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Building a Private Could

SearchNetworking has just published my Building a Private Cloud article in which I describe why you have to consider a private cloud solution if you operate a large data center, and an overview of the path to get there.

Read more @ SearchNetworking

More information:

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Which webinar should I choose if I’m building a DC interconnect?

Brad asked me about the availability of a DCI webinar (short answer: early next year) and continued “As an enterprise engineer, I know very little of how the service providers engineer their networks. I'm aware you do have a service provider webinar as well but I am wondering which one of those would be most beneficial for me to attend.

As we’ve already discussed some of his DC issues, I knew that he’s in the “sane” part of the DC universe (pure layer-3 interconnect, no vMotion or bridging between data centers) and thus has to solve a traditional routing design challenge.

For him, it makes no sense to wait for the DCI webinar; that one will cover the designs and technologies you need when everyone else is pushing you to implement long-distance bridging. It might also include LISP in DC and the load balancing tricks F5 does ... and I’ll try to give you as much ammunition as I can to help you persuade your boss that there are other things beyond bridge-everywhere craze.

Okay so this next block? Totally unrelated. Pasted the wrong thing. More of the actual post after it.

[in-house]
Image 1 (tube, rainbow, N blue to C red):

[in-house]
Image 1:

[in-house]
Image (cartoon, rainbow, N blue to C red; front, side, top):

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DMVPN Phase 1 overview (webinar recording)

One of the many VPN technologies covered in the Choose the Optimal VPN Service webinar (register here) is DMVPN Phase 1. Phase 1 with its hub-and-spoke topology is the easiest DMVPN implementation and gives you a simple baseline that can be later expanded with Phase 2 and Phase 3 features (for in-depth DMVPN information check the DMVPN: Advanced and Crazy Scenarios webinar).

The recording from the webinar describing technologies underlying DMVPN and DMVPN Phase 1 principles is now available on YouTube and Vimeo.

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Ethernet inter-frame gap: Another living fossil?

Recently I’ve stumbled across a year-old post by James Ventre describing the reasons output rate on an Ethernet-type interface (as reported by the router) never reaches the actual interface speed. One of them: inter-frame/packet gap (IPG).

I was stunned ... I remember very well the early days of thick/thin coax Ethernet when the IPG was needed for proper carrier sense/collision avoidance detection (probability of a collision decreases drastically as you introduce IPG), but on a high-speed point-to-point full duplex link? You must be kidding.

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DMVPN: from concept to pilot in 36 hours

Participants of my latest webinars might remember the concept of on-site workshops that I’m usually mentioning after the first break (it’s also mentioned in every webinar description). The networking team from a large multinational company has decided to test it in practice and invited me for a 3-day DMVPN workshop.

The agenda of these workshops is usually pretty simple:

  • Day 1: technology overview and review of the existing network design/challenges.
  • Day 2: work on proposed new network design.
  • Day 3: tying up loose ends and preparations for pilot/migration.

We agreed on a tentative agenda along these lines and I prepared the material for the technology overview using parts of my Choose the Optimal VPN Service webinar (to compare DMVPN with other VPN solutions) and the DMVPN webinar. Oh boy, was I in for a surprise.